NASA fires up fourth RS-25 engine test
by Staff Writers
Bay St. Louis MS (SPX) May 21, 2021
NASA conducted its fourth RS-25 single-engine hot fire of the year May 20, a continuation of its seven-part test series to support development and production of engines for the agency's Space Launch System (SLS) rocket on future missions to the Moon.
The engine was fired for more than 8 minutes (500 seconds) on the A-1 Test Stand at Stennis Space Center near Bay St. Louis, the same amount of time RS-25 engines need to fire for launch of the SLS rocket.
The test series is designed to provide valuable data to Aerojet Rocketdyne, prime contractor for the SLS engines, as it begins production of new engines for use after the first four SLS flights. Four RS-25 engines, along with a pair of solid rocket boosters, will help power SLS at launch.
With testing of the engines for the rocket's first four Artemis program missions to the Moon already completed, operators now are focused on collecting data to demonstrate and verify various engine capabilities while reducing operational risk.
During the May 20 test, the team fired the engine at 111% of its original power level for a set duration of time, the same level that RS-25 engines are required to operate during launch. SLS is the most powerful rocket NASA has ever built and the only one capable of sending Orion, astronauts, and supplies to the Moon in a single mission.
As part of the Artemis program, NASA will land the first woman and the first person of color on the Moon and establish sustainable exploration in preparation for missions to Mars. SLS and NASA's Orion spacecraft, along with the commercial human landing system and the Gateway outpost in orbit around the Moon, are NASA's backbone for deep space exploration.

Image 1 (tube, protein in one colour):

RS-25 tests at Stennis are conducted by a combined team of NASA, Aerojet Rocketdyne and Syncom Space Services operators. Syncom Space Services is the prime contractor for Stennis facilities and operations.
Pangea Aerospace to test aerospike rocket engine
Brussels, Belgium (SPX) May 20, 2021
The world first Methalox 3D printed aerospike engine The European space start-up Pangea Aerospace raised euro 3 million to close its seed round. The round has been led by Inveready and backed up by Primo space, Dozen Investments, E2MC and CDTI. The capital raised will be used to additively manufacture and test the first engine of this kind and work towards a commercial-ready aerospike engine with higher thrust. MAY 2021 - Pangea Aerospace, a leading European space start-up, announced the completi ... read more
|The content herein, unless otherwise known to be public domain, are Copyright 1995-2024 - Space Media Network. All websites are published in Australia and are solely subject to Australian law and governed by Fair Use principals for news reporting and research purposes. AFP, UPI and IANS news wire stories are copyright Agence France-Presse, United Press International and Indo-Asia News Service. ESA news reports are copyright European Space Agency. All NASA sourced material is public domain. Additional copyrights may apply in whole or part to other bona fide parties. All articles labeled "by Staff Writers" include reports supplied to Space Media Network by industry news wires, PR agencies, corporate press officers and the like. Such articles are individually curated and edited by Space Media Network staff on the basis of the report's information value to our industry and professional readership. Advertising does not imply endorsement, agreement or approval of any opinions, statements or information provided by Space Media Network on any Web page published or hosted by Space Media Network. General Data Protection Regulation (GDPR) Statement Our advertisers use various cookies and the like to deliver the best ad banner available at one time. All network advertising suppliers have GDPR policies (Legitimate Interest) that conform with EU regulations for data collection. By using our websites you consent to cookie based advertising. If you do not agree with this then you must stop using the websites from May 25, 2018. Privacy Statement. Additional information can be found here at About Us.